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I told her how he pined : and ah,
The deep, the low, the pleading tone, In which I told another's love,
Interpreted my own!
She listened with a fitting blush,
With downcast eyes and modest grace And she forgave me that I gazed,
Too fondly on her face.
But when I told the cruel scorn,
That crazed this bold and lovely knight, And how he roam'd the mountain woods, · Nor rested day nor night:
And how he crossed the woodman's path,
Through briars and swampy'mosses beat, How boughs, rebounding, scourged his limbs,
And low stubs gored his feet:
How sometimes from the savage den,
And sometimes from the darksome shade, And sometimes starting up at once
In green and sunny glade.
There came and looked him in the face
An Angel beautiful and bright, And how he knew it was a Fiend,
This miserable Knight!
And how, unknowing what he did,
He leapt amid a lawless band, And saved from outrage worse than death,
The Ladie of the Land.
And how slie wept and clasp'd his knees,
And how she tended him in vain, And meekly strove to expiate
The scorn that crazed his brain:
And how she nurs’d him in a cave,
And how his madness went away, When, on the yellow forest leaves,
A dying man he lay:
His dying words—but when I reached
That tenderest strain of all the ditty, My faultering voice, and pausing harp,
Disturb'd her soul with pity.
All impulses of soul and sense
Had thrilled my guileless Genevieve, The music and the doleful tale,
The rich and balmy eve;
And hopes, and fears that kindle hope,
An undistinguishable throng, And gentle wishes long subdued,
Subdued and cherished long:
She wept with pity and delight,
She blushed with love and maiden shame, And, like the murmur of a dream,
I heard her breathe my name.
I saw her bosom heave and swell,
Heaye and swell with inward sighs,I could not chuse but love to see
Her gentle bosom rise.
Her wet cheek glowed she stept aside,
As concious of my look she stept, Then suddenly with timorous eye She flew to me and wept.
She half inclosed me with her arms,
She pressed me with a meek embrace, And bending back her head, looked up, ,
And gazed upon my face.
'Twas partly love and partly fear,
And partly 'twas a bashful art, That I might rather feel, than see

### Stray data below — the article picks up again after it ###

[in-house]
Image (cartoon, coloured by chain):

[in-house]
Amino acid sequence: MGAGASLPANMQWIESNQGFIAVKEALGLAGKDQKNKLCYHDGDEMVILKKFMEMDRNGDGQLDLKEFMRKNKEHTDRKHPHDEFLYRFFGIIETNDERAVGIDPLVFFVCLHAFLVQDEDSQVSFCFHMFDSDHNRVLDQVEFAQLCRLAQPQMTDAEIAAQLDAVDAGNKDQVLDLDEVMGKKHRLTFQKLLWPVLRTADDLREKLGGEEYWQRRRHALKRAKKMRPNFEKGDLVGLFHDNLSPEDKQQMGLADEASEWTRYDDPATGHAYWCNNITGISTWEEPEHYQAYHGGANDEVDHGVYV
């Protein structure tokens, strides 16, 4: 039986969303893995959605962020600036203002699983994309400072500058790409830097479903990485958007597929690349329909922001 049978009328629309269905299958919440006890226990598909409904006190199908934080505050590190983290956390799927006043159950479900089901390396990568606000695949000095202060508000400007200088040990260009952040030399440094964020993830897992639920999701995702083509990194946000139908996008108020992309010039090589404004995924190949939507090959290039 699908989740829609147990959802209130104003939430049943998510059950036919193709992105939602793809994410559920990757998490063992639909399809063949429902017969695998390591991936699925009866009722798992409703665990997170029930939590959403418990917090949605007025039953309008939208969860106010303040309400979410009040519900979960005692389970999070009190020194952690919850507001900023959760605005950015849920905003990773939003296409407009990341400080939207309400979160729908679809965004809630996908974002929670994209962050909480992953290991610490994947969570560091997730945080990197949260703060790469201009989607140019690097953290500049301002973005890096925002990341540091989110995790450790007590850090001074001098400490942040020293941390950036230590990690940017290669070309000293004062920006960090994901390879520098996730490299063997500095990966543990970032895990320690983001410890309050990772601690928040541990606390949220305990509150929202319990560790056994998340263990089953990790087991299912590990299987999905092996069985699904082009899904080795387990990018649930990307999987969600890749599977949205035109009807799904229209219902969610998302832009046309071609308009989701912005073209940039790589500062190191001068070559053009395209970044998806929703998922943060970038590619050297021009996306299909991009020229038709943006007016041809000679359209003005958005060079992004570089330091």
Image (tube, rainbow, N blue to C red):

The swelling of her heart!
I calm'd her fears, and she was calm,
And told her love with virgin pride; And thus I won my Genevieve,
My bright and beauteous bride!
And now once more a tale of woe,
A woeful tale of love I sing, For thee, my Genevieve! it sighs
And trembles on the string.
When last I sung the cruel scorn
That crazed this bold and lovely Knight, And how he roamed the mountain woods,
Nor rested day nor night:
I promis'd thee a sister-tale
Of man's perfidious cruelty ;
Befell the dark Ladie.
STAR of the wide and pathless sea,
Who lovest on mariners to shine, Those votive garments wet, to thee
We hang, within thy holy shrine; When o'er us flashed the surging brine, Amid the warring waters tost,
We called no other name but thine, And hoped when other hope was lost.
Are Maris Stella!
Star of the vast and howling main,
When dark and lone is all the sky, And mountain-waves o'er Ocean's plain,
Erect their stormy heads on high : When virgins for their true loves sigh, They raise their weeping eyes to thee;
The Star of Ocean heeds their cry, And saves the foundering bark at sea.
Ave Maris Stella!
Star of the dark and stormy sea,
When wrecking tempests round us rave, Thy gentle virgin form we see Bright rising o'er the hoary wave.
The howling storms that seem to crave Their victims, sink in music sweet;
The surging-seas recede to pave The path beneath thy glistening feet.
Ave Maris Stella!
Star of the desert waters wild,
Who pitying hears the seaman's cry,
While soft the chorus of the sky
And angel voices name on high, The mother of the heavenly king,
Ave Maris Stella!